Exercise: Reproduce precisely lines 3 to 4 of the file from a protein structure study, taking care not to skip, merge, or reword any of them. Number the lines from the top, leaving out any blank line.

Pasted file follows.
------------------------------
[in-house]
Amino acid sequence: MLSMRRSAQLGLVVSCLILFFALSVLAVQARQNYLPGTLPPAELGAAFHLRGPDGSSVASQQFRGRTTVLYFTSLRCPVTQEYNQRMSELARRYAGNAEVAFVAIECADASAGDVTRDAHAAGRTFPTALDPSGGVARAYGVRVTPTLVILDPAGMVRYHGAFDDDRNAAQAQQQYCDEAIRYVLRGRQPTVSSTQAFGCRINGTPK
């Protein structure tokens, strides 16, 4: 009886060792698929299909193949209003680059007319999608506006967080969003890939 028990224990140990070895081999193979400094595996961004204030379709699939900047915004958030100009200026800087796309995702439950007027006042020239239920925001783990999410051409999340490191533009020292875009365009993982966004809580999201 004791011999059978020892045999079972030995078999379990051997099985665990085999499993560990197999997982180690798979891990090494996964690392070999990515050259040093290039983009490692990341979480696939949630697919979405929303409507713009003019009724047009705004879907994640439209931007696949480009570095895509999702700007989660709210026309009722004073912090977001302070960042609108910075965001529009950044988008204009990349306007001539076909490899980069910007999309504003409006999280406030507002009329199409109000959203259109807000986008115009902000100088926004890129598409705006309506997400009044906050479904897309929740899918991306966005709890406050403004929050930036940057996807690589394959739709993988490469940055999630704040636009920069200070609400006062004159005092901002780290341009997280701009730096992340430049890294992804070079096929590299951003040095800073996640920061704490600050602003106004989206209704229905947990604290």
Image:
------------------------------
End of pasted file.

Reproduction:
């Protein structure tokens, strides 16, 4: 009886060792698929299909193949209003680059007319999608506006967080969003890939 028990224990140990070895081999193979400094595996961004204030379709699939900047915004958030100009200026800087796309995702439950007027006042020239239920925001783990999410051409999340490191533009020292875009365009993982966004809580999201 004791011999059978020892045999079972030995078999379990051997099985665990085999499993560990197999997982180690798979891990090494996964690392070999990515050259040093290039983009490692990341979480696939949630697919979405929303409507713009003019009724047009705004879907994640439209931007696949480009570095895509999702700007989660709210026309009722004073912090977001302070960042609108910075965001529009950044988008204009990349306007001539076909490899980069910007999309504003409006999280406030507002009329199409109000959203259109807000986008115009902000100088926004890129598409705006309506997400009044906050479904897309929740899918991306966005709890406050403004929050930036940057996807690589394959739709993988490469940055999630704040636009920069200070609400006062004159005092901002780290341009997280701009730096992340430049890294992804070079096929590299951003040095800073996640920061704490600050602003106004989206209704229905947990604290």
Image: